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abstract = "OBJECTIVE: To test the hypothesis that prostate cancer patients with clinical stage cT1c and cT2 have similar outcomes and clinicopathological features, and should be grouped together. PATIENTS AND METHODS: From a series of men with prostate cancer who had a radical retropubic prostatectomy (RP), we assessed those with cT1c (223) and cT2 (65) adenocarcinoma. All RP specimens were totally embedded and whole-mounted; tumour volume was measured using the grid method. Clinical and pathological characteristics were analysed. RESULTS: Patients with cT2 tumours were more likely to have a higher Gleason score (P = 0.04) and final pathological stage (P = 0.05) than those with cT1c tumours. There was no significant difference in age (P = 0.92), preoperative PSA level (P = 0.17), prostate weight (P = 0.34), tumour volume (P = 0.16), surgical margin status (P = 0.86), multifocality (P = 0.92), the presence of perineural invasion (P = 0.09), or high-grade prostatic intraepithelial neoplasia (P = 0.99) between patients with clinical stage cT1c and those with cT2 tumours. There was no difference in PSA recurrence between patients with clinical stage T1c and those with cT2 tumours (P = 0.27). CONCLUSIONS: Patients with clinical stage cT2 tumours have a higher Gleason score and advanced pathological stage than tumours detected because of a high serum PSA level (die). These results suggest that clinical stage cT1c tumours should be separated from clinical stage cT2 disease, but the PSA recurrence rate for both tumour stages is similar, indicating a need for further evaluation and refinement of the current clinical staging system.",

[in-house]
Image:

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AU - Gardner, Thomas

AU - Cheng, Liang

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AB - OBJECTIVE: To test the hypothesis that prostate cancer patients with clinical stage cT1c and cT2 have similar outcomes and clinicopathological features, and should be grouped together. PATIENTS AND METHODS: From a series of men with prostate cancer who had a radical retropubic prostatectomy (RP), we assessed those with cT1c (223) and cT2 (65) adenocarcinoma. All RP specimens were totally embedded and whole-mounted; tumour volume was measured using the grid method. Clinical and pathological characteristics were analysed. RESULTS: Patients with cT2 tumours were more likely to have a higher Gleason score (P = 0.04) and final pathological stage (P = 0.05) than those with cT1c tumours. There was no significant difference in age (P = 0.92), preoperative PSA level (P = 0.17), prostate weight (P = 0.34), tumour volume (P = 0.16), surgical margin status (P = 0.86), multifocality (P = 0.92), the presence of perineural invasion (P = 0.09), or high-grade prostatic intraepithelial neoplasia (P = 0.99) between patients with clinical stage cT1c and those with cT2 tumours. There was no difference in PSA recurrence between patients with clinical stage T1c and those with cT2 tumours (P = 0.27). CONCLUSIONS: Patients with clinical stage cT2 tumours have a higher Gleason score and advanced pathological stage than tumours detected because of a high serum PSA level (die). These results suggest that clinical stage cT1c tumours should be separated from clinical stage cT2 disease, but the PSA recurrence rate for both tumour stages is similar, indicating a need for further evaluation and refinement of the current clinical staging system.